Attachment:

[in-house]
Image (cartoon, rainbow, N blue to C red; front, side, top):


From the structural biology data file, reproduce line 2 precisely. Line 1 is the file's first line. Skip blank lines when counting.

Image (cartoon, rainbow, N blue to C red; front, side, top):